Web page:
Bank executive not reappointed to Eastern West Virginia Regional Airport Authority governing board

June 11, 2011

MARTINSBURG, W.Va. — A bank executive who was named in a 2007 West Virginia Ethics Commission probe of the Eastern West Virginia Regional Airport Authority has not been reappointed to the airport's governing board.

Mayor George Karos' nomination of Stephen Cox to a three-year term died Thursday night before the Martinsburg City Council for lack of second to a motion by Councilman Roger Lewis to reappoint Cox, who is a senior vice president of Centra Bank in Martinsburg.

Allowing Lewis' motion to die without comment were Rodney Woods, Gregg Wachtel, Dennis Etherington and Max Parkinson. Richard Yauger, who has yet to attend a council meeting this year due to health problems, and Betty Gunnoe were absent.

Woods and Wachtel's brother, Richard, were separately reappointed to the airport board by the council. Their three-year terms begin July 1. Wachtel was allowed to be excused from voting on his brother's reappointment.

At least three people, including Berkeley County Council member Elaine Mauck, who regularly attends Airport Authority meetings, urged council members Thursday not to reappoint Cox and Wachtel to the airport authority.

Berkeley County resident Michael Folk cited the ethics commission probe of Cox and now-former airport board member Robert McMillan in lobbying against the reappointment Thursday.

Cox, who handles commercial lending for the bank, was ordered by the state ethics commission in 2007 not to vote on matters that involved Arcadia Aviation, which up until May 31 was the airport's fixed-base operator.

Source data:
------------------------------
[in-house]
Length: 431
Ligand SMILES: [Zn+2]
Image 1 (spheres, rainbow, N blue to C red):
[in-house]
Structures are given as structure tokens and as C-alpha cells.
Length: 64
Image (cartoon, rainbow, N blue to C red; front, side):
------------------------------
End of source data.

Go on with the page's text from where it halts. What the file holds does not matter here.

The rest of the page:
In 2007, Arcadia Aviation obtained a $2.6 million loan from Centra Bank and the state ethics commission said later that year that Cox and McMillan were not to vote on issues involving the New York-based company as long as the loan was outstanding. McMillan also served on the Centra Bank board.

Both men have denied violating the state Ethics Act, but also acknowledged "citizens in this state may perceive a conflict of interest when they, as appointed board members of a governing body, vote on matters involving a customer of a business with which they have a financial relationship," according to a conciliation agreement with the ethics commission.

The conciliation agreement cited several actions taken in 2006 by the airport authority, including a vote by both men backing Arcadia's plan for a hangar project.

Berkeley County Council President William L. "Bill" Stubblefield announced at last week's council meeting that he expected Arcadia Aviation to file for bankruptcy, but that has not yet happened, according to the federal court system's online database. Arcadia did not return a message left Friday requesting comment.

The Herald-Mail Articles